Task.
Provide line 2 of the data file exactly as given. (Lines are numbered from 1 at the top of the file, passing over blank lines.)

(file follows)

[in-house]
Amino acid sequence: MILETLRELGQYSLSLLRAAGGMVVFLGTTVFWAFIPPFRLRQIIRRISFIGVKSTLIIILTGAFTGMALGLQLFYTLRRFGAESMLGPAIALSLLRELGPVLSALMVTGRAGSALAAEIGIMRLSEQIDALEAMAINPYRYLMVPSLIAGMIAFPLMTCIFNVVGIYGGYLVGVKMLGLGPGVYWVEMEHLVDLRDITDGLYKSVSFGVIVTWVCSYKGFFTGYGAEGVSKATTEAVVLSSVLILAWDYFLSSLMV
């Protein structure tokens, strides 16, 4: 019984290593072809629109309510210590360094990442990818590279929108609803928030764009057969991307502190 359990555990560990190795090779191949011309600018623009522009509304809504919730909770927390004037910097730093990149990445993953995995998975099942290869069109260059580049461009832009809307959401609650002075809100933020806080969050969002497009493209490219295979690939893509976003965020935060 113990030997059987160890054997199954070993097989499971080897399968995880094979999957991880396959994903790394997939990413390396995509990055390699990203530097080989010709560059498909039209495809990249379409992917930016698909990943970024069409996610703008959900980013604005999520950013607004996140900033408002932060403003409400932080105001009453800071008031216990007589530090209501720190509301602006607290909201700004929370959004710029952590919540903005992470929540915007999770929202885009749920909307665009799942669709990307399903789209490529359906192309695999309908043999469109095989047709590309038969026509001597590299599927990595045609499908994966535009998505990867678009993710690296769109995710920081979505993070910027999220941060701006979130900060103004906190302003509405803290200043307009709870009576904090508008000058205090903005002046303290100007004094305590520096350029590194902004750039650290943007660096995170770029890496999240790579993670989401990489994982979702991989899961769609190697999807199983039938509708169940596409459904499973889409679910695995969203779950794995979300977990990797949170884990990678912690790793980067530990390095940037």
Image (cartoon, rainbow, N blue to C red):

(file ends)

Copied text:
Amino acid sequence: MILETLRELGQYSLSLLRAAGGMVVFLGTTVFWAFIPPFRLRQIIRRISFIGVKSTLIIILTGAFTGMALGLQLFYTLRRFGAESMLGPAIALSLLRELGPVLSALMVTGRAGSALAAEIGIMRLSEQIDALEAMAINPYRYLMVPSLIAGMIAFPLMTCIFNVVGIYGGYLVGVKMLGLGPGVYWVEMEHLVDLRDITDGLYKSVSFGVIVTWVCSYKGFFTGYGAEGVSKATTEAVVLSSVLILAWDYFLSSLMV